One of the first great kingdoms developed in Egypt and remained quite stable for three thousand years. This was a consequence of the life-cycle produced by the Nile River. The Egyptian culture was extremely conservative and managed to reproduce itself for long periods of time without noticeable changes.

Of course, with wealth and governmental structures came bureaucracy and tax system and the need to record business data. The Egyptian written language is well known for its pictures and has been deciphered for around 150 years only. You can see the hieroglyphs grouped in columns in the background very clearly.

As they are prominent in Egyptian painting and sculpture and couldn't be understood for so long, this knowledge being lost with the rise of the Roman Empire which put an end to Egyptian culture, hieroglyphs were a synonym to something absolutely non-understandable.

I can't read hieroglyphs myself, but I'm sure that these don't mean records of business or taxes. This is a painting in a grave, and most of what we know from the Egyptian culture stems from religious sources. The Egyptians were very much concerned about right living in this life for worries about afterlife.

Everybody knows the art of mummification developed by them and their huge pyramid constructions, still being one of the wonders of the world today.

With regard to painting, the Egyptians obviously painted with the left brain, that is to say, they painted what they thought rather than what they saw.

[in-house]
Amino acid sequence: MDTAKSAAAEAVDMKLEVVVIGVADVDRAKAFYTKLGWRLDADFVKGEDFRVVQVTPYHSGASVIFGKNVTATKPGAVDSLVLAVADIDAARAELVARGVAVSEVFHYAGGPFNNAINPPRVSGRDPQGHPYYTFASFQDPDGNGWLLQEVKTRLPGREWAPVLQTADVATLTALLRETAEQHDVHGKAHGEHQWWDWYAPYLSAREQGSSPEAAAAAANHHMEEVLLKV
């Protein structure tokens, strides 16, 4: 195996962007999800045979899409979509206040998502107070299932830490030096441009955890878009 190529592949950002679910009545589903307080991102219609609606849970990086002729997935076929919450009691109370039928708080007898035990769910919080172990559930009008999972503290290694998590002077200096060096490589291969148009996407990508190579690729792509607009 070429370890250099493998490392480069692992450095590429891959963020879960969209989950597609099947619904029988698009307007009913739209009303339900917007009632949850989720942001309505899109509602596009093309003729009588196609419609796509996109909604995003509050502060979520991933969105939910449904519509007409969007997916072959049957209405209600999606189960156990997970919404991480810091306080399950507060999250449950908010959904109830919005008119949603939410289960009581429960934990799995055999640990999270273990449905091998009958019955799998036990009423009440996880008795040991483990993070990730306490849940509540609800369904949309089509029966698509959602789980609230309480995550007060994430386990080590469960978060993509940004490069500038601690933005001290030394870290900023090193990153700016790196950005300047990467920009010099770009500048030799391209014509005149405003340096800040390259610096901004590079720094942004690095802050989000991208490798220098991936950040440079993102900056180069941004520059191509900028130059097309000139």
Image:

If you imagine the most important impression of a person, you probably won't think of any queer position but rather a view up front, as the shoulders are very significant. You will observe this approach with every child growing up.

Likewise, heads are shown in profile mostly, because this view is more significant than the frontal view. The eye in this profile is shown frontal in turn, just because an eye in profile view isn't visually appealing.

Although the Egyptians showed many details from everyday life, they weren't interested in realistic painting at all. Their images had to represent ideas such as gods and afterlife.

The whole culture centered around death, and images were used to show the dead what was to be expected and what was to be hoped for.

It was hoped that life would continue as a it was before death, therefore everyday scenes can be found. But mostly we learn about religious concepts. Just as famous as hieroglyphs are Egyptian gods, which are very often composed of human bodies and animal heads.

The center figure in our painting wears a peculiar headdress, composed of a disk denoting the sun and a snake circumventing this disk.

Early in this century, C. G. Jung, famous Swiss psychotherapist, observed that modern people often dream or visualize symbols well known in other, sometimes long dead cultures, of which these people didn't have any knowledge.

Nevertheless, these dreams had meaning for the dreamers, which led C. G. Jung to his theory of archetypes.

According to this theory, everything ever present in human conditions still lives in every soul today. My experience backs this theory very well. I didn't know about snakes or sun disks, but I painted something in this vein.

You can read about the development of one of my paintings in a speech called "On Observing the Creative Process" (which is rather untypical, but instructive), here I point you to the left part of another painting showing a peculiar headdress composed of a sun disk and horns, which are significant for the Egyptian goddess Hathor, which I never had heard of before.